Oregon Gov. John Kitzhaber says he intended to start a debate about the death penalty when he announced at an emotional news conference last week that he would block all executions for the remainder of his term.
In doing so, he also started a debate about the scope of the governor's power.
Critics say the governor has violated his oath of office by essentially declaring a moratorium on the death penalty, which is part of the state constitution. The surprise announcement came during a news conference at which he said that he had halted the Dec. 6 execution of double-murderer Gary Haugen.
Mr. Kitzhaber, a Democrat who allowed executions to take place in 1996 and 1997, said his conscience would no longer let him sit by while another inmate died at the hands of the state.
"I simply cannot participate once again in something I believe to be morally wrong," said Mr. Kitzhaber, saying the moratorium was one of the "most agonizing and difficult decisions" of his career.
Others took umbrage at what they described as his decision to allow his personal feelings to override his duty to uphold the state constitution.
Kathy Pratt, the daughter of Mary Archer, who was raped and fatally beaten by Haugen in 1981, told KGW-TV in Portland on Wednesday that the governor's decision was a "miscarriage of justice."
"It just made no sense to me whatsoever. There just doesn't seem to be any legal or logical reason other than his personal opinion, which he feels is more important than anybody and anything else," Mrs. Pratt said.
The Oregon District Attorneys Association adopted a statement Wednesday opposing the governor's decision, pointing out that state and federal courts have ruled the state's capital punishment laws constitutional.
"The state's District Attorneys are responsible for ensuring that we are in fact a society that observes the rule of law. For that reason, many of us are profoundly disturbed by Governor John Kitzhaber's abrupt pronouncement that no jury's verdict of death will be carried out during his term," said the statement, drawn up by Clatsop County District Attorney Joshua Marquis.
James Huffman, dean emeritus at Lewis and Clark School of Law, wrote in a Nov. 29 opinion piece in the Oregonian newspaper that while the state constitution allows the governor to grant reprieves on a case-by-case basis, it doesn't allow him to issue a blanket stay.
"Nowhere does the state constitution give the governor authority to suspend the constitution and laws of the state by declaring an effective moratorium on executions," Mr. Huffman said.
If Mr. Kitzhaber is indeed violating the state constitution by refusing to enforce the death penalty, however, he's not the first governor to do so, according to Richard Dieter, executive director of the Death Penalty Information Center.
Illinois Gov. George Ryan, a Republican, declared a similar moratorium in 2000, which he topped off by commuting to life the sentences of all 167 inmates on Death Row at the end of his term, Mr. Dieter said. Maryland Gov. Parris N. Glendening halted all executions in 2002 while the state was studying the death penalty.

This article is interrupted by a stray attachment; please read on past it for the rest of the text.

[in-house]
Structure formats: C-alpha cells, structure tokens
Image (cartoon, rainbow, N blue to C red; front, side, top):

The difference in the Maryland case is that Mr. Glendening, a Democrat, "didn't make it about his own personal opinion - he just did it while the study was under way," Mr. Dieter said.
Mr. Kitzhaber urged the state legislature to "bring potential reforms before the 2013 legislative session," but has not introduced legislation nor formed a commission to study the issue. He said he would favor replacing the death penalty with life without the possibility of parole.
The governor said he was disturbed by a number of issues, particularly the specter of inmates becoming "volunteers" for execution by giving up their appeals. The two inmates executed in the 1990s both abandoned the appeals process, as did Haugen.
"To those who will inevitably say that my decision today compromises the will of the voters, let me point out that, in practice, it is the current system itself which compromises the will of the voters," said Mr. Kitzhaber. "I do not believe for a moment that the voters intended to create a system in which those condemned to death could determine whether that sentence would be carried out."
David Fidanque, executive director of the American Civil Liberties Union of Oregon, said he would be "very surprised if the governor didn't get legal advice to confirm that he had the power to do this before he did it."
Greg Leo, spokesman for the Oregon Republican Party, called the governor's action "unconstitutional" and predicted a lawsuit, although not one by his party.
"This is ripe for judicial review. He's made a unilateral policy decision, not just about Gary Haugen, but about something the voters have been very clear on," said Mr. Leo. "You'd think the governor wouldn't decide that there are certain laws he would enforce and certain laws he wouldn't enforce."
Oregon voters have swung back and forth on the death penalty, twice repealing it and twice reinstating it. The issue appeared on the ballot most recently in 1984, when a capital punishment amendment was approved with 75 percent of the vote.
If there is a lawsuit, it may come from an unlikely plaintiff: Haugen. In an interview with the Salem Statesman Journal, Haugen called the governor a "paper cowboy" and said he was considering a legal challenge.
"I'm going to have to get with some serious legal experts and figure out really if he can do this," the killer said. "I think there's got to be some constitutional violations."
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